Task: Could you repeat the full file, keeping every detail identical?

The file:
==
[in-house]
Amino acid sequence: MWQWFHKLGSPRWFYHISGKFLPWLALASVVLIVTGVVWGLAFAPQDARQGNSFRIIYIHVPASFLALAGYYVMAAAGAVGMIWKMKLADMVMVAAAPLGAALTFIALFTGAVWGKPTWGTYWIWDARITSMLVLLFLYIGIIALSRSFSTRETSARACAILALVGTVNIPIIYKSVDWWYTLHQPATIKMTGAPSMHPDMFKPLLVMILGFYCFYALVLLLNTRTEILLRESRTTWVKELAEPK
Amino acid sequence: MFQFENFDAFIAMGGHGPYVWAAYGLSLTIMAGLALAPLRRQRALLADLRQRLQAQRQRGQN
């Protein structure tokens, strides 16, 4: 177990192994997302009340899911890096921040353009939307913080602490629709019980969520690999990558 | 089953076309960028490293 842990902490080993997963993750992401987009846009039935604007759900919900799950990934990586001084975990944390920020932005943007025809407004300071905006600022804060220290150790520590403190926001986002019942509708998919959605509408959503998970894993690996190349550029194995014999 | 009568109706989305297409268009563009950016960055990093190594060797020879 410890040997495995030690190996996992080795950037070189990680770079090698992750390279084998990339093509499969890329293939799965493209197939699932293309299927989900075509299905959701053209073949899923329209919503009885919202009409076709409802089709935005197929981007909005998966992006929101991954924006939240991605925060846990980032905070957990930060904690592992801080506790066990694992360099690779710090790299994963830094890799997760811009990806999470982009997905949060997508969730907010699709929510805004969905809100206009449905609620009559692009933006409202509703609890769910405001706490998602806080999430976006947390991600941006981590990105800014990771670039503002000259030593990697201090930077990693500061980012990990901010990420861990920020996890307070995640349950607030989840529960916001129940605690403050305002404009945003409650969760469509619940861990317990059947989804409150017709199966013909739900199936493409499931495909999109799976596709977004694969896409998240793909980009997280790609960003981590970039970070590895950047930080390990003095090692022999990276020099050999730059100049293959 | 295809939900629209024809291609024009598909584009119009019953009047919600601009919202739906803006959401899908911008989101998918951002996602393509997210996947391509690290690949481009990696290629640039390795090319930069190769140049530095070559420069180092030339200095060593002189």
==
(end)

[in-house]
Amino acid sequence: MWQWFHKLGSPRWFYHISGKFLPWLALASVVLIVTGVVWGLAFAPQDARQGNSFRIIYIHVPASFLALAGYYVMAAAGAVGMIWKMKLADMVMVAAAPLGAALTFIALFTGAVWGKPTWGTYWIWDARITSMLVLLFLYIGIIALSRSFSTRETSARACAILALVGTVNIPIIYKSVDWWYTLHQPATIKMTGAPSMHPDMFKPLLVMILGFYCFYALVLLLNTRTEILLRESRTTWVKELAEPK
Amino acid sequence: MFQFENFDAFIAMGGHGPYVWAAYGLSLTIMAGLALAPLRRQRALLADLRQRLQAQRQRGQN
């Protein structure tokens, strides 16, 4: 177990192994997302009340899911890096921040353009939307913080602490629709019980969520690999990558 | 089953076309960028490293 842990902490080993997963993750992401987009846009039935604007759900919900799950990934990586001084975990944390920020932005943007025809407004300071905006600022804060220290150790520590403190926001986002019942509708998919959605509408959503998970894993690996190349550029194995014999 | 009568109706989305297409268009563009950016960055990093190594060797020879 410890040997495995030690190996996992080795950037070189990680770079090698992750390279084998990339093509499969890329293939799965493209197939699932293309299927989900075509299905959701053209073949899923329209919503009885919202009409076709409802089709935005197929981007909005998966992006929101991954924006939240991605925060846990980032905070957990930060904690592992801080506790066990694992360099690779710090790299994963830094890799997760811009990806999470982009997905949060997508969730907010699709929510805004969905809100206009449905609620009559692009933006409202509703609890769910405001706490998602806080999430976006947390991600941006981590990105800014990771670039503002000259030593990697201090930077990693500061980012990990901010990420861990920020996890307070995640349950607030989840529960916001129940605690403050305002404009945003409650969760469509619940861990317990059947989804409150017709199966013909739900199936493409499931495909999109799976596709977004694969896409998240793909980009997280790609960003981590970039970070590895950047930080390990003095090692022999990276020099050999730059100049293959 | 295809939900629209024809291609024009598909584009119009019953009047919600601009919202739906803006959401899908911008989101998918951002996602393509997210996947391509690290690949481009990696290629640039390795090319930069190769140049530095070559420069180092030339200095060593002189």